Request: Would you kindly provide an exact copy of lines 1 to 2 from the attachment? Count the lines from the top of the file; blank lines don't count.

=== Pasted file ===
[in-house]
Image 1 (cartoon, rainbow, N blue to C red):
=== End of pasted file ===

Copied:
[in-house]
Image 1 (cartoon, rainbow, N blue to C red):